A rift has formed within the Catholic Church that pits Archbishop Carlo Maria Viganò against Pope Francis. In Aug., the archbishop released a letter alleging that the pope knew about sexual abuse allegations against Cardinal Theodore McCarrick but did nothing about it. He claimed that McCarrick had been previously sanctioned by Pope Benedict, but that Pope Francis restored him to his original position and appointed him a close adviser; Viganò demanded that the pope step down.
Additionally, a Pa. grand jury report released in August detailed how over 1,000 children were sexually abused by priests in six dioceses. In response, Pope Francis declared that “no effort must be spared” in preventing future abuses; indeed, despite numerous scandals in previous years, it is clear that the Church has not done enough.
In Pa., senior clergy and Church leadership failed to properly investigate the abuses; instead, they covered them up and transferred offenders to different parishes. What the Church needs is greater transparency. When sexual abuse scandals occur, it is Church officials, not independent outside investigators, who are researching the extent of the crime.
After a 2002 investigation by The Boston Globe revealed abuses involving over 70 priests, dioceses around the country created programs to help victims deal with and recover from abuses. In 2006, U.S. seminaries were changed to encourage a more human development of potential priests studying at seminaries and forbidding any applicants who were involved with sexually abusing children.
Yet clearly, internal investigations have not stemmed the tide of scandals popping up in the Church. Rather, governments and Church-goers alike must take action in the Church themselves. In N.J. and Pa., states heavily affected by scandals, government investigators have set up hotlines for people to report any information related to cases. These hotlines ought to continue after the investigations have ended: it offers victims a method that goes around the secrecy of the Church. Reforms that address priests’ potential to commit abuse in the future—not only background checks, but also psychological screenings of potential priests—could have a substantial impact.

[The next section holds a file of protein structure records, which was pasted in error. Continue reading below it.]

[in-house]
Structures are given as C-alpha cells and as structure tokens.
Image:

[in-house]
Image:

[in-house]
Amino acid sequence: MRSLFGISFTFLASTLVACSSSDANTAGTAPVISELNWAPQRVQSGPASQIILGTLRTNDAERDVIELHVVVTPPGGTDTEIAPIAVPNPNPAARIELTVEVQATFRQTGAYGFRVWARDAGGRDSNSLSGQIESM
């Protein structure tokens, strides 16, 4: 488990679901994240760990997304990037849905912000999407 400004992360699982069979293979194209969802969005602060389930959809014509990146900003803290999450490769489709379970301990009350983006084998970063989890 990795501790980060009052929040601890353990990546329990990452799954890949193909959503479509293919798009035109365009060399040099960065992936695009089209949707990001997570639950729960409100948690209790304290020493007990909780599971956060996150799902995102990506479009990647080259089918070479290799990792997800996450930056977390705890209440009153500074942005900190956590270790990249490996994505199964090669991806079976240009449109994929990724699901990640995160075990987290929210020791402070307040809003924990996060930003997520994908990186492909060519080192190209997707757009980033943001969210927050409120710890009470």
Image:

In the wake of the scandal, a conference of U.S. bishops announced that they were planning to implement a third-party reporting system within the Church, while also encouraging any victims of sexual abuse to report cases directly to law enforcement. This is one step in the right direction, for the Church is opening up its accountability to outside institutions. With a more transparent power structure, priests would no longer have the confidence to commit such horrific abuses, and Catholics can put their faith back in the Church.